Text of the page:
Good news for education researchers. Your work is influencing district and school leaders and helping to guide their decisions.

Countering criticism that education research is often irrelevant to practice, a newly released national survey has found that the majority of education leaders value research and use it regularly.

It’s a moment for education scholars and research institutions to relish — and then ask, “So what’s next?” Can these findings trigger a wider push for evidence-based solutions? With increased collaboration between researchers and practitioners, can education research — like research in medicine or case studies in business — shape the way school leaders approach emerging needs or the toughest problems of their daily practice?


The survey was produced by the National Center for Research in Policy and Practice(NCRPP), a collaboration among the University of Colorado Boulder, the Harvard Center for Education Policy Research, and the School of Education and Social Policy at Northwestern University. It gathered information from 733 education leaders in 485 school districts across 45 states. The respondents were superintendents, principals, curriculum supervisors, and directors of federal programs, in mid- to large-size urban U.S. districts.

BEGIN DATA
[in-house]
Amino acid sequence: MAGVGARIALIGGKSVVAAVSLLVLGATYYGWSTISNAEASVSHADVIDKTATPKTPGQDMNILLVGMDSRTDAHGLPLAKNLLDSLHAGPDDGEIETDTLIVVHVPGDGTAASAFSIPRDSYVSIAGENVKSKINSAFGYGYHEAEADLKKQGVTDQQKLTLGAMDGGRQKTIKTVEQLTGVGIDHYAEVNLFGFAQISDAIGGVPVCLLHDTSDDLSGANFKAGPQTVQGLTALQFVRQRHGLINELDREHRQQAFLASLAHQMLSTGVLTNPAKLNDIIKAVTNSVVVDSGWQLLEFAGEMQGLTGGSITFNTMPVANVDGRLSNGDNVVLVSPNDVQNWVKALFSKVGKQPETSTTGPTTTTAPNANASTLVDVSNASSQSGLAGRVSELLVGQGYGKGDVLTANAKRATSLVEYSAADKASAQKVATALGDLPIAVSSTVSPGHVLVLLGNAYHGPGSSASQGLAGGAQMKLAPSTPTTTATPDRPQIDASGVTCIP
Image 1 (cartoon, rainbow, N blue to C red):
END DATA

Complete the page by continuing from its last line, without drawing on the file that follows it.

The survey was careful to define research as “an activity in which people employ systematic, empirical methods to answer a specific question” — not just the practice of examining data from a specific district, school, or classroom.

Following that definition, the survey asked about the ways in which participants had used research in their work, about individual pieces of research they had used, and about the culture of research use in their department.

The results?

  • Almost all education leaders are using research to inform their decisions. Nearly 80 percent of respondents indicated that they use research “frequently” or “all of the time” to support the choices they make in their work.
  • Fewer educators are using research more broadly to develop their perspectives. While 72 percent of respondents said they use research to expand their understanding of issues, most of those only did so only “frequently” or “sometimes,” not “all of the time.”
  • Responses indicated that research was most likely to come up in conversations about instruction and curricula and least likely to come up in discussions of parents or community issues.
  • Only a little more than half — 59 percent — of respondents could name a specific piece of research or study that had been useful to their work.
  • While nearly all respondents agreed that researchers provide valuable service to educators, attitudes were more mixed on the credibility of research, with over a third indicating that researchers could be biased, framing their results to make a certain point.
  • Very few respondents said that they ever contact researchers directly.